### abstract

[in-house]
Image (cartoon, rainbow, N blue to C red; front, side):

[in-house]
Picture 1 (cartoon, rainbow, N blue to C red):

- We consider Hamiltonian systems which can be described both classically and quantum mechanically. Trace formulas establish links between the energy spectra in the quantum description and the spectrum of actions of periodic orbits in the Newtonian description. This is the duality which we investigate in the present paper. The duality holds for chaotic as well as for integrable systems. Billiard systems are a very convenient paradigm and we use them for most of our discussions. However, we also show how to transcribe the results to general Hamiltonian systems. In billiards, it is natural to think of the quantal spectrum (eigenvalues of the Helmholtz equation) and the classical spectrum (lengths of periodic orbits) as two manifestations of the properties of the billiard boundary. The trace formula express this link since it can be thought of as a Fourier transform relation between the classical and the quantum spectral densities. It follows that the two-point statistics of the quantal spectrum is related to the two-point statistics of the classical spectrum via a double Fourier transform. The universal correlations of the quantal spectrum are well known; consequently one can deduce the classical universal correlations. In particular, an explicit expression for the scale of the classical correlations is derived and interpreted. This allows a further extension of the formalism to the case of complex billiard systems, and in particular to the most interesting case of diffusive system. The effects of symmetry and symmetry-breaking are also discussed. The concept of classical correlations allows a better understanding of the so-called diagonal approximation and its breakdown. It also paves the way towards a semiclassical theory that is capable of global description of spectral statistics beyond the breaktime. An illustrative application is the derivation of the disorder-limited breaktime in the case of a disordered chain, thus obtaining a semiclassical theory for localization. We also discuss other applications such as the two-cell systems, periodic chains, and localization theory in more than one dimension. A numerical study of classical correlations in the case of the 3D Sinai billiards is presented. Here it is possible to test some assumptions and conjectures that underlie our formulation. In particular we gain a direct understanding of specific statistical properties of the classical spectrum, as well as their semiclassical manifestation in the quantal spectrum. We also analyze the spectral duality for integrable systems, and show that the Poissonian statistics of both the classical and the quantum spectra can be traced to the same origin.